I truly wish that the medication the doctor proscribed twenty years ago for depression had 'worked'. Instead it made me feel like a zombie, like part of my brain that actually thought about stuff had been disabled. Some might actually have suggested that would make me a better person (easier to get along with), but I didn't like me that way, so I stopped.

    In other words, do what you think and feel is right. Too bad about the alcohol, and yes it is a pain to be committed to take a pill or two, or in my case these days, four, but as my gp once said, get used to it, you aren't getting any younger! :)

    Hugs

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  7. I recall hearing someone say that not sleeping properly resulted in them feeling awful and feeling GD more severely.

    I don't like the idea of taking medication either but yet I don't have a second thought about wearing glasses to restore my eyesight to normal. Thing is like being a diabetic on insulin it gets results you want so I can only view it as a good solution to an anatomical condition.

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  8. Hey I am 63. I look like I am 43. I take 15 pills twice a day.

    So.......quit yer whinning ;-)

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  9. Morning everyone, back from a day away in a cold and damp but strangely beautiful Fenland.

    Keeping on top of all this sometimes feels like one of those stage acts with the spinning plates on sticks. Most of the time you can keep all the plates spinning, but every now and then you lose control and one or other of them falls down.

    When I was a spotty young oik people stood in front of me and taught me all sorts of really cool maths for modelling complex systems like this, if I hadn't forgotten most of it I'm sure I'd have made a stab at trying to figure out the relationship by now.

    I've never been averse to taking a Paracetamol for a headache, I guess it's the realisation that I'm taking medication to fix my head. Since I consider myself to be a sane person this comes as a shock.

    I think I would severely scare any bloke I tried to pull :)

    I count myself very fortunate that I don't yet look 43.

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  10. Why, you young wippersnapper! You think it's funny getting old?? :D

    I have shoes older than you I expect! LOL

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  11. Just been looking at Dorothy Rowe's website, a lot of articles about depression may be worth a look at. In "A Single Step, The Magazine for supporters of Depression Alliance, Nov_2007" she states as a fact it is not due to a chemical imbalance in the brain nor is there a genetic basis.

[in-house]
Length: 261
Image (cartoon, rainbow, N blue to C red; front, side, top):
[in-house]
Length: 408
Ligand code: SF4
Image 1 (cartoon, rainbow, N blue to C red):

That's not saying pills which increase serotonin or help you to sleep so that you have strength to function better aren't helpful though. She's not suggesting stopping taking medication.

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  12. I did say I don't yet look 43. It's still just about morning here.

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  13. @Alex: true, it's something that defies simplistic explanations.

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  14. Bananas are supposed to aid sleep I once heard. They say they increase serotonin levels too.

    Shirley Anne xxx

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  15. Well, as I read this, I'm a walking Zombie. With few exceptions, I take two Tylenol PM's (offered in the UK?) at bed time. I started this several years ago after endless insomnia. Absolutely took care of the problem without any side effects. Self medication, however, may not always be the right thing to do. Never did tell my doctor about it.

    Anyway, I had a few glasses of wine last night and decided not to take the Tylenol and the insomnia came back, along with nightmares.

    I'll have to ask my doctor about the stuff you are taking.

    Calie xxx

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  16. I am at least fortunate in not remembering my dreams very often.

    10mg amitryptiline as a sleep aid is an off-label use of the drug, however it's a fairly common one, it's mentioned quite frequently on info pages about it.